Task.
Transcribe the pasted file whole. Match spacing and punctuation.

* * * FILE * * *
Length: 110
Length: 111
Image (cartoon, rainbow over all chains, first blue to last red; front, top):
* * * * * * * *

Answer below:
Length: 110
Length: 111
Image (cartoon, rainbow over all chains, first blue to last red; front, top):